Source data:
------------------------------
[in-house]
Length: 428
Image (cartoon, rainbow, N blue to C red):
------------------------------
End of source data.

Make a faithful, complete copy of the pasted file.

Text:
[in-house]
Length: 428
Image (cartoon, rainbow, N blue to C red):